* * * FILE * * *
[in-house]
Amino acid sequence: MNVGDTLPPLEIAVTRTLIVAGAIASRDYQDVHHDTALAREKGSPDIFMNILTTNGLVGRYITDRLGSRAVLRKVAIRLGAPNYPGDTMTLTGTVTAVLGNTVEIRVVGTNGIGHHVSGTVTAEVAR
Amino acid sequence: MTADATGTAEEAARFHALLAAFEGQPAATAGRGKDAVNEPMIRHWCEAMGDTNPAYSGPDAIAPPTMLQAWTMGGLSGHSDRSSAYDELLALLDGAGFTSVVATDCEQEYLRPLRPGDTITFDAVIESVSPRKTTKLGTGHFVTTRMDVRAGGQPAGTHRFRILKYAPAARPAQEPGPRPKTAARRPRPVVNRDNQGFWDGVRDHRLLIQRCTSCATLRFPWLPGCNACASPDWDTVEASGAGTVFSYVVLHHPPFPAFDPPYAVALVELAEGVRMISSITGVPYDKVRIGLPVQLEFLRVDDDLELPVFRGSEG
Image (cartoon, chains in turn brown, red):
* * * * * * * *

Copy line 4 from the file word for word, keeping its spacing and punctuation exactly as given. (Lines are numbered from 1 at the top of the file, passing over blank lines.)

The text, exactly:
Image (cartoon, chains in turn brown, red):